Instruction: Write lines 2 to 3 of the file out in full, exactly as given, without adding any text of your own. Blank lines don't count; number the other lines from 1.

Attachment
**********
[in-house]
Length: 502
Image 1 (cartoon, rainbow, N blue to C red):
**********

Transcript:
Length: 502
Image 1 (cartoon, rainbow, N blue to C red):